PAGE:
Good luck with that

‘What do we really know about Islamic State’s role in illicit antiquities trade?’ asks Christina Ruiz in the Art Newspaper, reporting that ‘Experts at London symposium warn against misinformation and lack of evidence’. About time too. Together with a small number of like-minded colleagues (they know who they are), I have spent the past 18 months trying to argue that same point, though to little avail. As I have written elsewhere, editors want to hear about Daesh making millions of dollars from the trade, they do not want to hear that its financial accounting is difficult to know, or that other combatant groups might be profiting too. It has been hard to secure a hearing for more evidence-based and less sensationalist accounts of the problem.

The inflated claims of the importance of the antiquities trade to Daesh financing seem to have originated in a July 2014 Guardian article, which was widely understood to have reported that Daesh had made $36 million from antiquities trading in one area of Syria. That particular reading of the article has never been confirmed, but it triggered a series of sensationalising claims about the importance of the trade to Daesh. Egged on by some professional experts who should have known better, the media was quick to pick up and run with the story. By February 2015, one headline was reporting somewhat improbably on ‘The ISIS smugglers making up to $1million per item selling ancient antiquities looted from the rubble of Syria’, and in May 2015 it was unreliably reported to the UN that Daesh was earning ‘as much as $100 million annually from antiquities trading’.

But the real news is not misinformation about Daesh’s role in the illicit antiquities trade. That is old if unpopular news. The real news is that – hopefully – a new sense of reality is grabbing hold of news reporting. Perhaps in time it will prompt us to reflect upon what went before, and ask if the sensationalised claims made about Daesh and the antiquities trade played some part in encouraging the violent and declarative destructions of archaeological heritage that followed. Back in late 2013, before most people outside of Iraq had heard of Daesh, or ISIS for that matter, a forward-thinking member of the Iraqi culture ministry warned me of what was happening in western Iraq, and that the situation there was spinning out of control. How right he was. He also spoke of the threat Daesh posed to cultural heritage and believed that loud but ineffective denunciations would only encourage them to commit further acts of plunder and destruction. He counselled cool heads and calm response. ‘Good luck with that’, I might have replied. What we got instead was a cacophony of moral outrage, sometimes verging on hysteria, but very little constructive action.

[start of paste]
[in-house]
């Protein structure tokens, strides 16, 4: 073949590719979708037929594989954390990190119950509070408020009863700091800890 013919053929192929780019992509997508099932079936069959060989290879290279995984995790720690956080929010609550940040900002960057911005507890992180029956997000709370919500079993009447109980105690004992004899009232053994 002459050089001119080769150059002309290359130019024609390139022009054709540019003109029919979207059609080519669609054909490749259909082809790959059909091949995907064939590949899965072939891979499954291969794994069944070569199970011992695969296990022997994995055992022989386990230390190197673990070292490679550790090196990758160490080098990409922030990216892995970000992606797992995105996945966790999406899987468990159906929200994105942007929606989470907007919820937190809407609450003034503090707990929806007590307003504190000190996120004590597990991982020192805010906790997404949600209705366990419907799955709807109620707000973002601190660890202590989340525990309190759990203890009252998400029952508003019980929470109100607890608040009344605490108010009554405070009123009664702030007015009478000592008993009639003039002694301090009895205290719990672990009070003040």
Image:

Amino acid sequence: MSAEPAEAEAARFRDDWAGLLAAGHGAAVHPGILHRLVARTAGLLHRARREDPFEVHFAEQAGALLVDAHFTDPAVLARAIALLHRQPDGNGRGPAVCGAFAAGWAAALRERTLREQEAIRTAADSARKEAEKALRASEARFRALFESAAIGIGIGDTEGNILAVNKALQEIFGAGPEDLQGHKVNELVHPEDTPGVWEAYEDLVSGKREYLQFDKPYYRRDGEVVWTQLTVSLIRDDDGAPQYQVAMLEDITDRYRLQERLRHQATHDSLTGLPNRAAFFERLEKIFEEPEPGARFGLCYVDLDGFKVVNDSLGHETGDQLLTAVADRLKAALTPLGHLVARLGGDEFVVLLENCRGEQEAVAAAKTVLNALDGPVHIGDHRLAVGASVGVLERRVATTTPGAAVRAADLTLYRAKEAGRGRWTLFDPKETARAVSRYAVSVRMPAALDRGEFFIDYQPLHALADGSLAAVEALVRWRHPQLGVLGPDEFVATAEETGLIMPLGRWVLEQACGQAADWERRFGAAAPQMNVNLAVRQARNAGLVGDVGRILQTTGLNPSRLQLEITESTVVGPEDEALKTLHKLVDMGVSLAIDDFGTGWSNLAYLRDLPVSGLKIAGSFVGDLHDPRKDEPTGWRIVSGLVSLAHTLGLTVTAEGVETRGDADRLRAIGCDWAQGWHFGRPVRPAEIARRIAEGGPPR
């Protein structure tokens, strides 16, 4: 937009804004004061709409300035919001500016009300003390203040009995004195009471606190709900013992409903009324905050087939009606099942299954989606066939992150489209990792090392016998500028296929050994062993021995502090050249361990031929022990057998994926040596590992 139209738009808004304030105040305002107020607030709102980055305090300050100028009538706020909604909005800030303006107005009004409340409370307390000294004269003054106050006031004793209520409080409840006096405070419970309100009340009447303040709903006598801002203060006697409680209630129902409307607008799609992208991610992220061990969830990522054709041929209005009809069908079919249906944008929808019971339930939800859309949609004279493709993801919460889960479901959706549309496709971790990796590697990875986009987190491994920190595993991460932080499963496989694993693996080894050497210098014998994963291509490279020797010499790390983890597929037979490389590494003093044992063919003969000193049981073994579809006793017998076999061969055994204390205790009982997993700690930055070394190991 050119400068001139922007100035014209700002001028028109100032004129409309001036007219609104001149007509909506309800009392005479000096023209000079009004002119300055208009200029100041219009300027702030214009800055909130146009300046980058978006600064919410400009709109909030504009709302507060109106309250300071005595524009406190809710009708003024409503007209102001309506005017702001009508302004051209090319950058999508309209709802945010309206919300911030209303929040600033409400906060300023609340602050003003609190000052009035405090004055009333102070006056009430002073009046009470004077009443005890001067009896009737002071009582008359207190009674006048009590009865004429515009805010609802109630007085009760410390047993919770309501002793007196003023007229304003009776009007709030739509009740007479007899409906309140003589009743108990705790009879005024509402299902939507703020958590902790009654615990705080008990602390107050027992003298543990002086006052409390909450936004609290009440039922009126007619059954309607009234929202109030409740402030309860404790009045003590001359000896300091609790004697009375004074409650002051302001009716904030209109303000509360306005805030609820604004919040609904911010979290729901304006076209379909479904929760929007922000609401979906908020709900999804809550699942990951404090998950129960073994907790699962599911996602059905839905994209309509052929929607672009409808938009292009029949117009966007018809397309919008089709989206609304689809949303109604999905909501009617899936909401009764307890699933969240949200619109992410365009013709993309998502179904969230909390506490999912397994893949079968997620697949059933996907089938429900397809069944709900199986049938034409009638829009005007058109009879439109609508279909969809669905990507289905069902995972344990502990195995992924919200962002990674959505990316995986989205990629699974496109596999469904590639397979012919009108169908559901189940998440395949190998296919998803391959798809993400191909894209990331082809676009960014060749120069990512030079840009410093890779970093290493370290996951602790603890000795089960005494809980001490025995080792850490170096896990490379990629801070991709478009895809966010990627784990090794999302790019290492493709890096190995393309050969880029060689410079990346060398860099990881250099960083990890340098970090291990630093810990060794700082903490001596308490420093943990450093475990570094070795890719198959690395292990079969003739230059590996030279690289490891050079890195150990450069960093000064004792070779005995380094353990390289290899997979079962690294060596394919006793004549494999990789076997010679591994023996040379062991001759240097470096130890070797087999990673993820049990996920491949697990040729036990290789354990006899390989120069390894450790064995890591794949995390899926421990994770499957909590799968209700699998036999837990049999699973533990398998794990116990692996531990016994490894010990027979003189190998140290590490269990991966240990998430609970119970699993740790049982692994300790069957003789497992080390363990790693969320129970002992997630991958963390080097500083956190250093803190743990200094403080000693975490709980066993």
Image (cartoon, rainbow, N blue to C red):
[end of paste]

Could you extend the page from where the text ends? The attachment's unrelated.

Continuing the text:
Public policy and the media

On his blog Gates of Nineveh, Christopher Jones has asked critically whether media coverage is encouraging archaeological looting in Syria. He concludes not. He argues convincingly that looting was well entrenched before increased media reporting through 2013 and particularly 2014.

Another question might involve the relationship between media coverage and the implementation of policy initiatives. To look at that question, I have adopted and extended Christopher’s methodology, collecting a dataset of articles from the first 60 pages of search results on Google News for keywords ‘archaeology looting Syria’ through to the end of 2015. The results are shown on the histogram. I have also indicated by means of red markers the dates of major policy actions. The actions are:

UntitledSeptember 2013: ICOM Emergency Red List of Syrian Cultural Objects at Risk.

December 2013: EU Council Regulation No 1332/2013.

March 2014: UNESCO/EU Emergency Safeguarding of the Syrian Heritage Project.

August 2014: ASOR/US DoS Syria Cultural Heritage Initiative.

February 2015: United Nations Security Council Resolution 2199.

September 2015: ASOR/US DoS Cultural Heritage Initiatives.

It is clear that policy actions have become more frequent as media coverage has increased. To some extent, this must be because media reporting of policy actions increases the overall coverage. But there is also the possibility that policy is responding to media concerns rather than to what is actually happening on the ground. This is worrying because media reporting is known to be unreliable – biased by the commercial and political interests of proprietors, editors and other opinion formers. Fact checking is in short supply and there is a lot of secondhand reporting. Sam Hardy on his blog Conflict Antiquities has also spoken critically of this debilitating ‘churnalism’. If policy is reacting to the unreliable perspective of media reporting instead of to actual facts on the ground, we should not be surprised when it struggles to make any kind of impact. This short study cannot definitively prove that policy is media-driven, but it does suggest the possibility deserves more rigorous consideration.